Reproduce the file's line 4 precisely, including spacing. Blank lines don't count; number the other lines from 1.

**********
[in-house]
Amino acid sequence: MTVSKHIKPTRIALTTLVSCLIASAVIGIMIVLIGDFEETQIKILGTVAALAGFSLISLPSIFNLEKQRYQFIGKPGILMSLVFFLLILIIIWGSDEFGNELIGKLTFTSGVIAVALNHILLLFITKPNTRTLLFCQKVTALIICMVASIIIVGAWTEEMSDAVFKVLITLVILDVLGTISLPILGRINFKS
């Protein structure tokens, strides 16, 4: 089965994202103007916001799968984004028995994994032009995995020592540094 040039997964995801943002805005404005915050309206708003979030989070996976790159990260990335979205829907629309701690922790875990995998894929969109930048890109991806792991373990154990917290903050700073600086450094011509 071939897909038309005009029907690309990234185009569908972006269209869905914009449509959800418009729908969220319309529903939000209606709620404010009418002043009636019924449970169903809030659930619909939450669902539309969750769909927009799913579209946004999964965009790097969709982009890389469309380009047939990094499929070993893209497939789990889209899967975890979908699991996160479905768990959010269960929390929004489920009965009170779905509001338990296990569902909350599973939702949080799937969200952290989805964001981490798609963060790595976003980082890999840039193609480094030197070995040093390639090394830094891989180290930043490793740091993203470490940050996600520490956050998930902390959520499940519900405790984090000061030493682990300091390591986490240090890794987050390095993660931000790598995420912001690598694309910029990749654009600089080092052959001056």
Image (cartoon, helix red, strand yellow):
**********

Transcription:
Image (cartoon, helix red, strand yellow):